Coaching elementary aged or primary aged children brings a number of obstacles that can factor your session.
Is your practice engaging enough?
Is it relevant to their stage of development?
Are they skilled enough to participate?
Are they tired after school today?
Have they had a good enough meal to provide adequate energy?
Have they had a bag of skittles 10 minutes before they stepped on the ice?
These obstacles however bizarre they may seem, are in fact very influential in what should be focused on. Another question that I ask is do you have the necessary pedagogy skills to understand their needs?
I want you to imagine yourself at 8 years old. Fun isn’t it! Knees are dirty with mud, face is covered with lunch and dinner from cheek to cheek. Now imagine being given the instruction that you are to go from one end of the field to the other in a straight line doing the same thing over and over and over and over again. Now ask yourself, how you feel? Bored will be the number 1 answer. Now imagine standing throwing a ball in the air or bouncing it on the ground, if you like, imagine stickhandling on that same spot. Do this over and over and over again! How do you feel? Bored! Have you learned the specific skill? Yes!!!!! Wrong!!! Sadly not. You have learned the technique! In a very closed environment you have learned the technique of bouncing, throwing or stickhandling. Have you learned how you should use it in the real situation? No… Do you understand the skill? No… Should we just give the players the answer and tell them when to use it?
My answer is No.
Part of skill development is the introduction of technique and applying that to the real game through conditioned small area games.
If we teach technique and then tell the players use it like this, have they developed the skill? No. You have given them a routine.
One of the major parts of skill development is problem solving. If the players are given the opportunity to problem solve from the beginning they develop a much deeper understanding of the technique and application of the skill. If the understanding is there, the application will be much more successful. Someone ask Ovi who showed him how he developed one the greatest snapshots the league has ever seen? Someone ask Ali who showed him how to be the most graceful boxer of all time? The answer is no one, they developed these styles themselves, with professional guidance ofcourse, but they became great at what they do because they had a deeper understanding, and an undeniable amount of pain, sweat and tears!!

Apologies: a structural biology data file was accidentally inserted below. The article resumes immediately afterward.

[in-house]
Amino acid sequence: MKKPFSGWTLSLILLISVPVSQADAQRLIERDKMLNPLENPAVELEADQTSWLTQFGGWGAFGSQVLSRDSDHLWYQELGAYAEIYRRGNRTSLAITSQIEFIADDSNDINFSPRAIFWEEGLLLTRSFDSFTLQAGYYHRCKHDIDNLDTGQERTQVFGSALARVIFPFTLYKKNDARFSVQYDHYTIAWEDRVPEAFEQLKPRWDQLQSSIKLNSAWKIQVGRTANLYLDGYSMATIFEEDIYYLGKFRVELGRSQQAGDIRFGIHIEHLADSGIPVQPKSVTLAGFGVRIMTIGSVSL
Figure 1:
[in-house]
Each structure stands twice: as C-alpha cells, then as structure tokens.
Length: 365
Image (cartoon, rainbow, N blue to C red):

So… How do you teach children so they gain a deeper understanding? My answer is develop as many fun games as possible and include small rules that help maintain the focus on your end goal for that session or season. If your playing games, the players are understanding!! Teaching game for understanding is, in my opinion, the best way for teaching skills and habits. For any more information or if you have any questions please don’t hesitate to email email@example.com.
Thanks for reading.
Access to our entire library of videos from our annual TeamSnap Hockey Coaches Conference. You can cancel any time, although after joining a community of coaches from all over the world using the videos on a daily basis to pick up new tips and stay relevant, we doubt you will.
- Stan Butler – How to Run an Effective Practice
- Corey McNabb – The use of Technology in Hockey
- Teaching Width in Attack